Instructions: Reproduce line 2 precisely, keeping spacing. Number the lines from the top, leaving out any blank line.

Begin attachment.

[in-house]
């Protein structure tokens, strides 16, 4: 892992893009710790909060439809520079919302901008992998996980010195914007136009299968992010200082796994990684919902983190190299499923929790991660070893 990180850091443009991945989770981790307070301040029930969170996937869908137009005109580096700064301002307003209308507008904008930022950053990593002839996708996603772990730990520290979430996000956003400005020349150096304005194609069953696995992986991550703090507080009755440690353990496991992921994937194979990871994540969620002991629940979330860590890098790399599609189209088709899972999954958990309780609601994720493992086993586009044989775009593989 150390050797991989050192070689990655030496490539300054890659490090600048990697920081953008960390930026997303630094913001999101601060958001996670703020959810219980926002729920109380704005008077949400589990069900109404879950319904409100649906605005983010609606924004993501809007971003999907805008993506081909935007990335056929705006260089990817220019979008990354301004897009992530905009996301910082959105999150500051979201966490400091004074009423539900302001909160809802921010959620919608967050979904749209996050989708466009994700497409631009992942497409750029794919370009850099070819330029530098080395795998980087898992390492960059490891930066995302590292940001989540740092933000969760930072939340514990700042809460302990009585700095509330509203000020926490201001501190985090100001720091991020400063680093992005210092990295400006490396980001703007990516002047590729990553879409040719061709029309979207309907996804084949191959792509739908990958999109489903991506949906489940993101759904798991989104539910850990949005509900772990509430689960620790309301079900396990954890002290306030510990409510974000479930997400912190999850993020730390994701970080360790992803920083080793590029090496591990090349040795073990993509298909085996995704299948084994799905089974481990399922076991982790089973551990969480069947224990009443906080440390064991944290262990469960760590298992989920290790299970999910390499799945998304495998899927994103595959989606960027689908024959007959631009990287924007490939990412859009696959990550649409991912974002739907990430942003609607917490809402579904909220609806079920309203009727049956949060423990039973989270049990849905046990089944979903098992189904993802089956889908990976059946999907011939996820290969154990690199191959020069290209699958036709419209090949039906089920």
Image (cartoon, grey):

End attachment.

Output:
């Protein structure tokens, strides 16, 4: 892992893009710790909060439809520079919302901008992998996980010195914007136009299968992010200082796994990684919902983190190299499923929790991660070893 990180850091443009991945989770981790307070301040029930969170996937869908137009005109580096700064301002307003209308507008904008930022950053990593002839996708996603772990730990520290979430996000956003400005020349150096304005194609069953696995992986991550703090507080009755440690353990496991992921994937194979990871994540969620002991629940979330860590890098790399599609189209088709899972999954958990309780609601994720493992086993586009044989775009593989 150390050797991989050192070689990655030496490539300054890659490090600048990697920081953008960390930026997303630094913001999101601060958001996670703020959810219980926002729920109380704005008077949400589990069900109404879950319904409100649906605005983010609606924004993501809007971003999907805008993506081909935007990335056929705006260089990817220019979008990354301004897009992530905009996301910082959105999150500051979201966490400091004074009423539900302001909160809802921010959620919608967050979904749209996050989708466009994700497409631009992942497409750029794919370009850099070819330029530098080395795998980087898992390492960059490891930066995302590292940001989540740092933000969760930072939340514990700042809460302990009585700095509330509203000020926490201001501190985090100001720091991020400063680093992005210092990295400006490396980001703007990516002047590729990553879409040719061709029309979207309907996804084949191959792509739908990958999109489903991506949906489940993101759904798991989104539910850990949005509900772990509430689960620790309301079900396990954890002290306030510990409510974000479930997400912190999850993020730390994701970080360790992803920083080793590029090496591990090349040795073990993509298909085996995704299948084994799905089974481990399922076991982790089973551990969480069947224990009443906080440390064991944290262990469960760590298992989920290790299970999910390499799945998304495998899927994103595959989606960027689908024959007959631009990287924007490939990412859009696959990550649409991912974002739907990430942003609607917490809402579904909220609806079920309203009727049956949060423990039973989270049990849905046990089944979903098992189904993802089956889908990976059946999907011939996820290969154990690199191959020069290209699958036709419209090949039906089920």